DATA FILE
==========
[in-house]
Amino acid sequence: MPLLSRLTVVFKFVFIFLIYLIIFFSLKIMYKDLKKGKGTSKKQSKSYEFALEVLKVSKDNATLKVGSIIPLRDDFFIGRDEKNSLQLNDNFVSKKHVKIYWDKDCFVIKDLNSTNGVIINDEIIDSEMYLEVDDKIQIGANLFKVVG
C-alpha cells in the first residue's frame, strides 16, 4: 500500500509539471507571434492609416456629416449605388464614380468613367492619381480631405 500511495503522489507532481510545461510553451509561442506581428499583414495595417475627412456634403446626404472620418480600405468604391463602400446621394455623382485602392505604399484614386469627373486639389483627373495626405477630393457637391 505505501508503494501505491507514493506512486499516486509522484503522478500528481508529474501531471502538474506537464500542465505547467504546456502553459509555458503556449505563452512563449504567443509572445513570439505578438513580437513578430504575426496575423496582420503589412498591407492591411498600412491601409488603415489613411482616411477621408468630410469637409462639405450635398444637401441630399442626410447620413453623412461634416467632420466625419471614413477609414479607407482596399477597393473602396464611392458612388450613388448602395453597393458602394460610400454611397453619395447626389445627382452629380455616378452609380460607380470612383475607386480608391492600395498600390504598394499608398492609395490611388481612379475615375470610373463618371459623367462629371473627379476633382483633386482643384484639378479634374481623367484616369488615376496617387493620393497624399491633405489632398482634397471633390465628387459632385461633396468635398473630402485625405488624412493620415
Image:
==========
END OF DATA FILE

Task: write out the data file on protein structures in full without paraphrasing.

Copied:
[in-house]
Amino acid sequence: MPLLSRLTVVFKFVFIFLIYLIIFFSLKIMYKDLKKGKGTSKKQSKSYEFALEVLKVSKDNATLKVGSIIPLRDDFFIGRDEKNSLQLNDNFVSKKHVKIYWDKDCFVIKDLNSTNGVIINDEIIDSEMYLEVDDKIQIGANLFKVVG
C-alpha cells in the first residue's frame, strides 16, 4: 500500500509539471507571434492609416456629416449605388464614380468613367492619381480631405 500511495503522489507532481510545461510553451509561442506581428499583414495595417475627412456634403446626404472620418480600405468604391463602400446621394455623382485602392505604399484614386469627373486639389483627373495626405477630393457637391 505505501508503494501505491507514493506512486499516486509522484503522478500528481508529474501531471502538474506537464500542465505547467504546456502553459509555458503556449505563452512563449504567443509572445513570439505578438513580437513578430504575426496575423496582420503589412498591407492591411498600412491601409488603415489613411482616411477621408468630410469637409462639405450635398444637401441630399442626410447620413453623412461634416467632420466625419471614413477609414479607407482596399477597393473602396464611392458612388450613388448602395453597393458602394460610400454611397453619395447626389445627382452629380455616378452609380460607380470612383475607386480608391492600395498600390504598394499608398492609395490611388481612379475615375470610373463618371459623367462629371473627379476633382483633386482643384484639378479634374481623367484616369488615376496617387493620393497624399491633405489632398482634397471633390465628387459632385461633396468635398473630402485625405488624412493620415
Image: